Bankruptcy is a legal process that allows individuals or businesses struggling with debt to seek some financial relief. It is a court-led procedure that helps them find a way to start over by reducing their debts or by devising a plan to repay them. There are various types of bankruptcy as outlined by different chapters of the U.S. Bankruptcy Code, such as Chapter 7, which involves liquidation of assets, and Chapter 13, which involves repayment plan.
1. What are the different types of bankruptcy?
Bankruptcy is commonly categorized into Chapter 7, Chapter 11, and Chapter 13. Chapter 7 is known as liquidation bankruptcy where your assets might be sold off to pay off your debts. Chapter 11 is generally used by businesses to reorganize and repay their debts over time. Chapter 13 bankruptcy enables individuals with regular income to develop a plan to repay all or part of their debts.
2. How does bankruptcy affect your credit?
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Bankruptcy can severely impact your credit, making it difficult to get new credit, buy a home, or even find a job. While its effects lessen over time, a bankruptcy can stay on your credit report for 7-10 years, depending on the type of bankruptcy filed.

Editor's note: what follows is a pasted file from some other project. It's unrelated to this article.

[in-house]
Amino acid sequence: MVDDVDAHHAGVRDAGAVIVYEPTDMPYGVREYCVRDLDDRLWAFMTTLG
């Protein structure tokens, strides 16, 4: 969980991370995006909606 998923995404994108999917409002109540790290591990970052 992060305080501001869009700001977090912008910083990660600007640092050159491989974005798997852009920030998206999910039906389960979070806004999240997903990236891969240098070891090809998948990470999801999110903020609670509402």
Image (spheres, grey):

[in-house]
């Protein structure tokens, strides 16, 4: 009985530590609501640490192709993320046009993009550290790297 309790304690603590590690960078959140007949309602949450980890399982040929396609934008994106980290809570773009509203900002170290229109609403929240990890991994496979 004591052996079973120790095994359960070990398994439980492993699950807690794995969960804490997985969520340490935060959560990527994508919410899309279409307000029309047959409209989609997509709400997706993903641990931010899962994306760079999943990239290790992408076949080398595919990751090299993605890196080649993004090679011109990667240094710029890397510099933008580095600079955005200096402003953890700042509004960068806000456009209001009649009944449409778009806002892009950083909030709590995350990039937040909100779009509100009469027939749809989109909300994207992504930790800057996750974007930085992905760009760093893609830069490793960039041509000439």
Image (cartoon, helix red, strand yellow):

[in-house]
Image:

3. Can all debts be discharged in bankruptcy?
No, not all debts can be discharged in bankruptcy. Generally, student loans, child support, alimony, and certain tax debts cannot be discharged.
4. How can you rebuild your credit after bankruptcy?
Rebuilding your credit after bankruptcy takes time and patience. Some possible steps include budgeting effectively, starting to build up a savings, trying to make all of your payments on time, and applying for new credit to slowly rebuild your credit history.
5. What is the cost to file for bankruptcy?
The cost to file for bankruptcy can vary and generally includes court fees and attorney fees. On average, Chapter 7 bankruptcy costs about $338 for filing fees plus attorney fees, while Chapter 13 bankruptcy costs $313 for filing fees and a certain percentage of your debt repayment plan for your attorney.